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Autonomy over student placement?

Discussion in 'Headteachers' started by afewgoodmen, Jan 31, 2012.

  1. I've been in several schools where, in conjunction with medical professionals, a child has been kept back a year. There were three children; one with Downs Syndrome, one with very severe autism and one who had complex medical problems. In each case although they were put back a year in primary school they still had to join secondary school at the 'correct chronological time' - so instead of waiting until the end of year 6 they went to secondary school after finishing year 5 (because they had repeated a year somewhere along the line until that point.) So it is possible but I have never heard of a head making that decision alone and I've never heard of any school getting a child to 'skip' a year.
     
  2. greta444

    greta444 New commenter

    I know of two children who have moved 1 year on. One was an exceptionally bright child who was moved up from year 3 - 5. The other moved from year 5 to 7, going to high school a year early. She was a level 4 and September Birthday who wanted to stay with her friendship group. Both decisions to move up were made by their heads at the time although early entry to high school had to be approved by the high school head.
     
  3. I was moved forward a year and went to secondary school when I was 10 and left at 17 - there was never any problem/question about it. I also knew others both at primary and secondary school who were a year ahead of their age group. This was all due to ability - we were achieving at the top of the older year group.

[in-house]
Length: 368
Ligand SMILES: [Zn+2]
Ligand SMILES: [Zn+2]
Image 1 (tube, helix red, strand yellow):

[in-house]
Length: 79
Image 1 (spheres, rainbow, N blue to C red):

4. Interesting.

    I am in a huge dilemma at the moment.

    I currently work in a British Curriculum school overseas. My daughter has recently been diagnosed as severly dyslexic. Our school, she attends the same place where I work, are advising that she repeats her current year. Whilst I can see that it would give her more time to 'catch-up' and prepare her better for the next year group, I still cannot get my head around holding her back.

    Dyslexia is in my family. It is something we have all learnt to deal with- whilst gaining GCSE's, A-levels and degrees.
    We have all eventually succeeded at Secondary school, without being held back, but the Primary years were hard! Is this enough of a reason to hold her back?

    The school where I work has many children who are 'out of year group', some because they transferred from the Southern Hemisphere half way through a year, others changed from the Indian system where the academic year starts in April, some just have pushy parents who want their child to be the best/oldest in the year below rather than struggling in the correct year group( yes, I know!)

    I have been warned that our biggest issue could be getting a Secondary school to agree to her continuing consecutive school years, rather than age appropriate, if we were to return to the UK.

    I don't know what to do.
     

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